Speculators took a hammering overnight when Verizon Communications Inc. (NYSE:VZ) announced it would buy Straight Path Communications Inc (NYSEMKT:STRP) for $184 per share, or roughly $3.1 billion. And why STRP stock ultimately lost is an interesting story.
Straight Path stock has been on a straight path upward for a little more than a month, ever since AT&T Inc. (NYSE:T) announced it would pay $1.6 billion for the “millimeter wave” spectrum owner. This is spectrum at anywhere from 26-39 GHz, first used for satellite TV, but now seen as key to future Internet services like the internet of things.
Arbitrageurs, who buy stocks under takeover threat, then sell them to the eventual winner of the takeover battle, were thrilled to see Verizon step in and began bidding up STRP stock.
But there had to be a winner in this poker game. Someone had to fold. Someone had to take the pot. Verizon has, but its price is well below what speculators thought it would be.
The Straight Path to 5G
Speculation sent Straight Path shares to a high of almost $224 per share on May 10. The price collapsed 20% overnight, to an opening bid May 11 of $178.30, just enough below the $184 per share Verizon offered — the difference being there to compensate today’s buyer for keeping his money in until closing.
The high-frequency spectrum at issue has long been a source of technology controversy. No one, especially STRP, knew what to do with it, and the spectrum wasn’t being turned into services.
Now we have a clear idea of how to use it.
It’s going to be part of the 5G plans that dramatically increase wireless Internet bandwidth for things like the IoT. The Federal Communications Commission, knowing this, now wants to clean things up, auctioning off more spectrum, then swapping or reassigning various bands so they are wide enough to be useful.
This is where the Straight Path assets fit in. They can easily be used as leverage to get their owner power in the auction, to assure them a good situation down the road. The new FCC seems willing to make deals on behalf of private parties, so assets that seemed worthless under Obama now look like, well, Trump cards.
If you got into STRP stock before the AT&T bid, when the stock was selling at about $35 per share, you’re in great shape. If you came in during May, expecting a quick killing, you’re skint.
Before you rush out and buy a ton of Verizon stock, let’s look at the other side of the coin.
The Other Players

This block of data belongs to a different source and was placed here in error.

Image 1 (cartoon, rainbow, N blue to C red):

It’s easy to see why AT&T wanted Straight Path. AT&T plans to extend the reach of DirecTV with a land-based wireless service called DirecTv Now, and it has already staged a trial of its service, using equipment from Nokia Oyj (ADR) (NYSE:NOK). Regular readers of InvestorPlace will identify Nokia as being out of the consumer side of the business and all-in on the network equipment side.
AT&T had bought a bankrupt company called FiberTower for its high-frequency assets. Straight Path was the second part of its plan. Losing that spectrum to Verizon is a setback, but the company figures there will be other auctions, and it can still build-out what it wants.
AT&T is not out of 5G by any means.
Then there is T-Mobile US Inc (NASDAQ:TMUS). They got some of this high-end spectrum when they bought MetroPCS in 2012. They are not in all markets, no one is, but again the coming FCC auction of spectrum is supposed to clear things up. They will have an opportunity to get a national footprint soon.
Now that Verizon has Straight Path, they figure to have the whip hand as the FCC prepares to make the spectrum useful, putting into the hands of national cellular networks for use in delivering Internet bandwidth.
Just don’t expect there to be one winner. There should be three, which is why AT&T was finally willing to let STRP go Verizon’s way, and why those arbs who were late to the party now find that all the cake has been eaten and they’re left with the bill.
Dana Blankenhorn is a financial and technology journalist. He is the author of the political polemic Saving Trumpistan, Restoring Democracy, available now at the Amazon Kindle store. Write him at firstname.lastname@example.org or follow him on Twitter at @danablankenhorn. As of this writing, he did not hold a position in any of the aforementioned securities.